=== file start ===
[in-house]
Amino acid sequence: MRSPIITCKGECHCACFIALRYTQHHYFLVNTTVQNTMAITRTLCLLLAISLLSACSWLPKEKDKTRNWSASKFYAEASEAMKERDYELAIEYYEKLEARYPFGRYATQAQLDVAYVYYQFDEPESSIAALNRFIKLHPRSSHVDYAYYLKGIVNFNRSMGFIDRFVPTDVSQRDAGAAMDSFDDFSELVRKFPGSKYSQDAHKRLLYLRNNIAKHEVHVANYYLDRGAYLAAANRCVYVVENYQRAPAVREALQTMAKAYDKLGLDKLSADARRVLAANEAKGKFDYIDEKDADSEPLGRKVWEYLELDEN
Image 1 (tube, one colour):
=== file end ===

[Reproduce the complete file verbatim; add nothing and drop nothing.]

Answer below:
[in-house]
Amino acid sequence: MRSPIITCKGECHCACFIALRYTQHHYFLVNTTVQNTMAITRTLCLLLAISLLSACSWLPKEKDKTRNWSASKFYAEASEAMKERDYELAIEYYEKLEARYPFGRYATQAQLDVAYVYYQFDEPESSIAALNRFIKLHPRSSHVDYAYYLKGIVNFNRSMGFIDRFVPTDVSQRDAGAAMDSFDDFSELVRKFPGSKYSQDAHKRLLYLRNNIAKHEVHVANYYLDRGAYLAAANRCVYVVENYQRAPAVREALQTMAKAYDKLGLDKLSADARRVLAANEAKGKFDYIDEKDADSEPLGRKVWEYLELDEN
Image 1 (tube, one colour):